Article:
Nala and Max think they’re ready for anything, but when a smooth-talking charmer sets his sights on unsuspecting women and their hard-earned cash, Nala discovers she may be in over her head.
With overzealous friends and family eager to help, her former crush in need of her assistance, and the Dog Park Romeo a step ahead of everyone, it will be up to her to keep everyone in line and not lose sight of the goal. That proves more difficult than she anticipated when she learns what her former crush wants her to do for him.
Decoys, sting operations, foibles, mishaps, and affairs of the heart are only the beginning of what happens when good intentions turn bad.
Can Nala rein in the madness and prove she has the skills to bring an elusive thief to justice?
Targeted Age Group:: all audiences
Heat/Violence Level: Heat Level 2 – PG
What Inspired You to Write Your Book?
I was asked by locals to write a series that took place in the surrounding Indianapolis area. Since I volunteer at the animal shelter, it is no surprise it included a rescue dog. This particular book deals with dog parks where a lot of dog lovers strike up friendships. Unfortunately, there are some scammers at the parks, too.
How Did You Come up With Your Characters?
It wasn't one thing. The millennial characters I took some traits from my daughter and stepdaughter's friends and applied them to the younger characters. The older characters have been squatting in my head for a while waiting to show up in a book.
“Karly,” Nala prompted, seizing an opening. She knew good and well her best friend was avoiding her earlier question. “Speaking of romance, whatever happened to you and Harry? You two were inseparable after Comic Con.”
“Oh, that didn’t work out.” She sighed a little, then said, “Happiness is a journey, not a destination.”
Nala stopped, pulling her dog to a stop as she did so. He sported a harness with an aluminum handle better suited for a blind person. She slipped on a pair of dark glasses to match the image. “Oh please. Everyone who says happiness is a journey is already where they want to be. Sure, it’s easy to say it’s not about the goal when you’re sitting in some big bucks mansion or starring in a hit television show.”
“It could be about the journey.”
“Give me a break.” She pushed up the slipping dark glasses. “I hate doing this, but you know in the winter months there’s no outside dining, and most restaurants aren’t accepting about dogs inside.”
“Yeah, what’s up with that?” asked the dog in question. Max, the handsome, black shepherd mix could speak, but would not bark on command for some reason. Instead, he chatted in English, courtesy of a disgruntled girlfriend—who happened to be a witch—of his first owner. Despite all the movies and children’s books about talking dogs, most people weren’t cool about it.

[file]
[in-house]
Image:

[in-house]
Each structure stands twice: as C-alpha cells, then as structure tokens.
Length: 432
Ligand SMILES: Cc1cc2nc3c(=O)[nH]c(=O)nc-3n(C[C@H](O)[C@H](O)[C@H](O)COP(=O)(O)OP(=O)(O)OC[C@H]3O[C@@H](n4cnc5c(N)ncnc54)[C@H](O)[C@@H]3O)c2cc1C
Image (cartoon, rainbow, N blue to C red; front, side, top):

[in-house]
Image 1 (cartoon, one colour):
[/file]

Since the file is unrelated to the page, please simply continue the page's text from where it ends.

“Not now, Max. We’re talking about Harry,” Nala reminded both her dog and her best friend.
“Let’s just say it was fun while it lasted, but it’s over now.”
“Really? That’s it?” She stumbled as they approached the entrance of the restaurant. “These glasses are too dark. I hope this works”
Karly reached out to cup her friend’s elbow when Max spoke. “Leading her is my job. You, the one with hands, can open the door.”
Instead, a few diners leaving pushed open the door, releasing the smell of barbecued meat and onions, which caused Max to moan. “I expect some quality meat thrown under the table.”
The exiting diners murmured among themselves, probably commenting on the deep voice that either she or Karly had. It became apparent—shortly after she rescued Max from the dog shelter where her best friend worked—that people don’t believe in talking dogs. She’d just come off sounding crazy if she mentioned the subject. It was probably best not to. Many would take advantage of the situation.
“Step up,” Karly instructed. “I’m surprised your guide dog didn’t make you aware of the threshold.”
The comment made Max surge forward, almost tripping her. She managed to regain her balance and made it into the restaurant where the hostess asked if they wanted a handicapped table. Nala wasn’t even sure what that meant. Was the table different somehow? “No, a large booth will do.”
They made it to the booth without any mishaps. The waitress hurried off to find the one braille menu they had, giving Max time to settle underneath the table. Nala pulled the glasses down enough to take in the booth before sliding into it. “I’m not sure how anyone sees anything with these glasses on.”
Karly laughed and coughed. “Think about it.”
“Yeah, I know. As soon as I said it, I realized the obvious. By the way, I want the chicken barbecue sandwich with sweet potato fries. Oh, and an iced tea to drink.” Max shoved her leg with his heavy body. “Add a Texas Brisket with no sauce and steak fries.”
Her friend chuckled. “Good luck getting him to eat kibble after brisket.”
“Tell me about it.”
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